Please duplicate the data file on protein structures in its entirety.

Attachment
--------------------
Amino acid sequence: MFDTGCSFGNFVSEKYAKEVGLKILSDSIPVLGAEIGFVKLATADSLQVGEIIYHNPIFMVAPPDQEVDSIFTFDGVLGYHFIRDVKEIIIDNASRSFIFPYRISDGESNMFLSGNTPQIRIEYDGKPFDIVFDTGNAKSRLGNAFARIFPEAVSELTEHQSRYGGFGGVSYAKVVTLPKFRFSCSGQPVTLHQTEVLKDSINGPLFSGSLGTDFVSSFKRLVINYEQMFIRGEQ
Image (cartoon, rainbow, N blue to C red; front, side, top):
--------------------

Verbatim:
Amino acid sequence: MFDTGCSFGNFVSEKYAKEVGLKILSDSIPVLGAEIGFVKLATADSLQVGEIIYHNPIFMVAPPDQEVDSIFTFDGVLGYHFIRDVKEIIIDNASRSFIFPYRISDGESNMFLSGNTPQIRIEYDGKPFDIVFDTGNAKSRLGNAFARIFPEAVSELTEHQSRYGGFGGVSYAKVVTLPKFRFSCSGQPVTLHQTEVLKDSINGPLFSGSLGTDFVSSFKRLVINYEQMFIRGEQ
Image (cartoon, rainbow, N blue to C red; front, side, top):